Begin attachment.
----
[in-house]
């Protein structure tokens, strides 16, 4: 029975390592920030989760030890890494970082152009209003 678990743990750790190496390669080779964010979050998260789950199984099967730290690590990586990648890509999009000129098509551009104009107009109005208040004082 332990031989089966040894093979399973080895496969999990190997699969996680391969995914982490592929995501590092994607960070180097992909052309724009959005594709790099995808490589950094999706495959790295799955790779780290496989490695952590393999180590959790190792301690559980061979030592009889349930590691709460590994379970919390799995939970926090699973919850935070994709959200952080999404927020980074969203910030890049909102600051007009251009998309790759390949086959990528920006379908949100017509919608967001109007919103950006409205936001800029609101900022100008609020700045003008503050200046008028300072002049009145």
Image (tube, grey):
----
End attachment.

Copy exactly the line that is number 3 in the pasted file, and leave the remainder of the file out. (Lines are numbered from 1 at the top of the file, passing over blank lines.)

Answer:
Image (tube, grey):